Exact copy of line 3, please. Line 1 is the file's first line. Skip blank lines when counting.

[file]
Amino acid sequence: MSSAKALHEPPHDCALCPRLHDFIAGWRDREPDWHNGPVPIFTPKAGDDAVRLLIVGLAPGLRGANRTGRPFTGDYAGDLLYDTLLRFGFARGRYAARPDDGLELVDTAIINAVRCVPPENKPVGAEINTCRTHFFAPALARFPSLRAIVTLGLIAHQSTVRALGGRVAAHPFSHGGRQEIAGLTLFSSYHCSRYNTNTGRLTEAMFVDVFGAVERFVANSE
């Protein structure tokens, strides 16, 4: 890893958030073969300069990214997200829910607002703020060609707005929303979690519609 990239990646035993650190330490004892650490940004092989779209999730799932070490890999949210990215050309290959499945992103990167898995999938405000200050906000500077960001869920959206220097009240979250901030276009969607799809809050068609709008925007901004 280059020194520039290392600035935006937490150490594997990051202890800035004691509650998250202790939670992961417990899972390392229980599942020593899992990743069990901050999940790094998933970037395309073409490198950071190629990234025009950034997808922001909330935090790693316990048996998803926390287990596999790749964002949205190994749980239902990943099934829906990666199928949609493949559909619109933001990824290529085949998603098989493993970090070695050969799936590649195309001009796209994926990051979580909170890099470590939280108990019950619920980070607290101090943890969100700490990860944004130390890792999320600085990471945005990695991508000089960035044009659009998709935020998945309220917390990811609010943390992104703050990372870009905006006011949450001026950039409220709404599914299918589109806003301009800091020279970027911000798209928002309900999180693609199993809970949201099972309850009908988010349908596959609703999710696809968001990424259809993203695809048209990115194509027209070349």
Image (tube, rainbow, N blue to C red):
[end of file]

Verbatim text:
Image (tube, rainbow, N blue to C red):